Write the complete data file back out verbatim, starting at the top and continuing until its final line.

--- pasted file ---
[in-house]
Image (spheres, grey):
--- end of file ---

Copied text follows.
[in-house]
Image (spheres, grey):